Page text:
HOUGHTON - Harriet King is a social networker, and after seeing something about a phenomenon called the Little Free Library on Facebook, she decided to look into it further.
King said she went to the Little Free Library website and that spurred her into getting involved.
"It's a big, worldwide movement," she said. "I looked at the website and it seemed like a smart way to build literacy."
Kurt Hauglie/Daily Mining Gazette
Rhiannon Schmidt looks through the stock of books in neighbor Harriet King’s Little Free Library in Houghton Tuesday. The Little Free Library movement started in Wisconsin in 2009 and has spread worldwide. The concept is to “leave a book, take a book.”
King said the Little Free Library involves people constructing little shelters, which can hold one or two dozen books, depending on their size.
"Anyone can leave a book, anyone can take a book," she said.
Although some people make shelters of their own design, King said she bought one from the Little Free Library website.
"They're all different," she said of the variety of shelter designs.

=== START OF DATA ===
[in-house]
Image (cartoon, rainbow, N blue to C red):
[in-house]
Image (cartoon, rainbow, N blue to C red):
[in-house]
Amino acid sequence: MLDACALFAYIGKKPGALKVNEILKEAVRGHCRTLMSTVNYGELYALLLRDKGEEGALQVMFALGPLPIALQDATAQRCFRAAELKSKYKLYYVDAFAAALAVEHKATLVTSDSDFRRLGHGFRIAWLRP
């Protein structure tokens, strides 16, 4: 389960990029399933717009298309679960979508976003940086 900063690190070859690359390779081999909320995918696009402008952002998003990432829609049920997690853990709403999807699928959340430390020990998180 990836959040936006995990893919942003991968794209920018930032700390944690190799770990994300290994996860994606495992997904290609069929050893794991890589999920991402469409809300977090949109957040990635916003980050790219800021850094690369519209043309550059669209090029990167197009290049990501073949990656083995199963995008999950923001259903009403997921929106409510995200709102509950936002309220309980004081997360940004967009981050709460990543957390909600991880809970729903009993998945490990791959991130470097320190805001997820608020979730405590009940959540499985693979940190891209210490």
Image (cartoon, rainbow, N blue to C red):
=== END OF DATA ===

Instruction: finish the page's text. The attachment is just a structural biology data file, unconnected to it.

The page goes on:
In the Upper Peninsula, there are other Little Free Libraries in Marquette and Menominee.
According to the Little Free Library website, the concept was initiated in 2009 by Hudson, Wis. resident Todd Bol, who built a model of a one-room schoolhouse in honor of his teacher mother, who was an avid reader. Also according to the Little Free Library website, the mission of the movement is to have 2,510 shelters built, which is the number of public libraries industrialist Andrew Carnegie endowed. That number was reached in 2012. King's library is No. 8,852. It's estimated by the organization there will be 10,000 to 12,000 Little Free Libraries around the world by the beginning of 2014. Another goal of the movement is to build community by getting neighbors involved with constructing and using the Little Free Libraries.
That community involvement worked well for her effort, King said, with four children and four adults helping out in various ways.
"People responded very favorably," she said.
King said she decorated and installed her shelter with the help of some neighbors and friends, including siblings Ethel, Heidi and Sam Karinen, and their mother, Lisa. Lucia Archimede, Judy Foster and Bob Drake helped out, also. It was installed in front of her house at 420 Jacker St. in Houghton on Oct. 27.
Her library is set at a height most children can reach, King said. Since children do have access to it, she asks people who want to leave books to make certain they aren't too explicit.
King said the first significant use her Little Free Library received was during Halloween, when she told those who stopped at her house to take a look at what she had to offer.
She expects to be involved with the Little Free Library indefinitely, King said.
"I was telling the Trick or Treaters it will be up for years," she said.